# plot visited points
        for i in xrange(0,self.sweep):
            p = points[i]
        # plot current point
        if self.sweep < len(points):
            p = points[self.sweep]
        # plot unvisited points
        for i in xrange(self.sweep+1,len(points)):
            p = points[i]

radius = 60
diameter = radius*2
width = 800
height = 600

points = []

# make some points
for i in xrange(0,100):

# sort points for find-the-right sweep
points.sort(lambda a, b: int(a.x)-int(b.x))

# work out those points to the right of each point
for i in xrange(0,len(points)):
    p = points[i]
    for j in xrange(i+1,len(points)):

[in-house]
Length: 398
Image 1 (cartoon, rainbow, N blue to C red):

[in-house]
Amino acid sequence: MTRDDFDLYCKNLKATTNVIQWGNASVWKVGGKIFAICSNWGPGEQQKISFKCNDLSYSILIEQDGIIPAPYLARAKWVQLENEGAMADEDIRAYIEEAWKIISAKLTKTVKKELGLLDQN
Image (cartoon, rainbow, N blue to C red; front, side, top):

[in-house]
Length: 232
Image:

p2 = points[j]
        if p2.x > (p.x+diameter):
        if (abs(p.y-p2.y) <= diameter) and \
            p.distance(p2) < diameter:
            p2.left += 1

# sort points in potential order for sweep, point with most right first
points.sort(lambda a, b: len(b.right)-len(a.right))

# debug
for p in points:
    print p, p.left, p.right

# show it
root = Tk()
vis = Vis()
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How about using a clustering algorithm to identify the cluster of points. Then ascertain the cluster with the maximum number of points. Take the mean point of the cluster having the maximum points as the center of your circle and then draw the circle.

MATLAB supports implementation of k-means algorithm and it gives back a 2-d array (a matrix to be precise) of cluster means and corresponding cluster ids.

One well known flip side of k-means is deciding on k(number of clusters) before hand. This can be resolved though - one can learn the value of k from the data points. Please check this paper.

I hope this helps.